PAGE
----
John’s wife, Mary, was the daughter of reasonably wealthy landowners. And Shakespeare had four younger siblings who lived to adulthood including one, Edmund, who was an actor but died at 27. At the age of six or seven, William starts attending the Stratford Grammar School, where much of the instruction was in Latin.

He almost certainly read Plautus’s comedies and Seneca’s tragedies. Some scholars think he leaves school at 13, some think at 15. Maybe he works as a butcher; maybe he works for his father.

In 1582, he marries Anne Hathaway–NO THE OTHER ANNE HATHAWAY–who is 8 years older than him, and 6 months pregnant. She gives birth to Susanna in 1583, and the twins Judith and Hamnet a year and a half later. Hamnet!

At some point after the birth of the twins, Shakespeare moves to London. And no one knows why! There’s one story about how he had to go to London because he poached a deer?

There are also rumors that he joins up with traveling players. But we don’t really know anything more until 1592, when he’s a popular actor and the author of several plays—and people are making fun of him by calling him “Shake-scene.” Harsh. Around this time, one of the twins, Hamnet, dies at the age of 11.

Hamnet! And when the theaters closed due to the plague, Shakespeare writes some long poems. When theaters reopen, he joins the Lord Chamberlain’s Men as an actor, a playwright, and a shareholder.

By 1597, Shakespeare has made enough money to buy the second fanciest place in Stratford-upon-Avon, In 1611, he retires to Stratford proper; and again, no one knows why. And in 1616, at the age of 52, he dies. His anti-grave robbing epitaph reads: Good friend, for Jesus’ sake forbear, To dig the dust enclosed here.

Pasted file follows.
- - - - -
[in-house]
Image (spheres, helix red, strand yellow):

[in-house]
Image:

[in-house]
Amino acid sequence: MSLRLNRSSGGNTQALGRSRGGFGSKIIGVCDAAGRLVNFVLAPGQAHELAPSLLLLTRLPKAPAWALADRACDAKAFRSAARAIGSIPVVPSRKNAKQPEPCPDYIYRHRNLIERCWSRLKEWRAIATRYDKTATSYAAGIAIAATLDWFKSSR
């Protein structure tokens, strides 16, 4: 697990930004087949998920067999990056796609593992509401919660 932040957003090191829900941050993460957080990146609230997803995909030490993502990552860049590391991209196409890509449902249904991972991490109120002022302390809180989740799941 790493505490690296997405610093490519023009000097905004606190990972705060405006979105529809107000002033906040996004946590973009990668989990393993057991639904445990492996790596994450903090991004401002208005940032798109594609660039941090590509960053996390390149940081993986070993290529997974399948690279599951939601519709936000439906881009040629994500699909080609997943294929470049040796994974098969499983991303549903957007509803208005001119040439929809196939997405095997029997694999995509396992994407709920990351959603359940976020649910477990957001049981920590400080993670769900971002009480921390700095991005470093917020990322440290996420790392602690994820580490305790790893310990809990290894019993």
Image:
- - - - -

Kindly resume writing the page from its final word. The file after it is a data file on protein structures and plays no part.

Blest be the man that spares these stones, And cursed be he that moves my bones. So, how did Shakespeare become a playwright? It’s hard to say for sure, but traveling players performed frequently in Stratford when he was a kid.

If he really did join a traveling company during his lost years, it would have exposed him to all sorts of plays, and the three or four production techniques that English theater had at the time. Playwriting wasn’t a prestigious occupation in Elizabethan England. A lot of plays were written in these decades as there was a hunger for novelty.

Established theaters were still a new thing, and these companies had no repertory of classics to fall back on. So each company required new plays every couple of weeks. Writing plays was often a group effort, and works from the beginning and end of Shakespeare’s career were written this way... more collaboratively.

Though it had the potential to make a lot of money, many playwrights often depended on side jobs or patronage. Shakespeare made his money not so much as a writer, but as a shareholder in the company. He definitely didn’t make his cash in royalties.